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Can you specify the p function clearer please. The way that is now doesnt make any sense to me.
The only thing I can tell you is that the answer is either x is a real number and x= with a line through it or x is a real number or x is arel number and > 0 or x is a real number x= with a line through it 1
sorry the first one should have a0 at the end
yes it is one equation
I could not figure it I had no clue how to begin to find the answer to this question
why you men by a "()" at the end?
p(x)=x^-(2x+1) is this the function?
x is a real number x =(with a line through it) 0
yeah I understand that. What it is not clear for me is if the function p. Is p(x)=x^-(2x+1) the function? Please write it down again
it is a - at 2x-1
but were is the = sign? or this expression equated to zero? like this: p(x)-x^-2x+1=0
You need an = sign dude
there is no equal sign
ok. Im gonna suppose the = sign is at the end.Now I want you to tell me what of the two following equations is your equation. The way you write (without parenthesis) in not clear. a) p(x)-x^(-2x+1) b) p(x)-x^(-2x)+1 choose one. a or be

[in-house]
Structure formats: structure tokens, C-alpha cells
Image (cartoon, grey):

emun, sorry for just coming into the question like this... but i really think that the function would be p(x) = -x^(-2x) + 1 i have yet to see a question that gives the function as part of the equation as you suggested
yeah that was what I thought. No problem
as for the domain, there's no mathematical operations to be done to put simply, you just look at the equation, pay special attention to the places where x is present. is there any values of x that would make the function undefined?
The function have the shape that is shown in the graph attached. You were right. The domain for this function goes like this: (-infinity,0)U(0,+infinity) How do you find it? The most convenient way is to give x some values. The values I gave p are. p(3)=0.99 p(2)=0.937 p(1)=0 Until now we have found that x>0 is part of the domain => (0,+infinity) if you set x=0, we get p(0)=something divided by 0 = not a real number. So 0 is not part of the domain. Lets go a little bit to the left. P(-1)=something very small p(-2)=somithins smalle even. p for negative number exist anyway. So we can consider the negatives numbers as part of the domain of the function, that is (-infinity,0). Any question?
no and thank you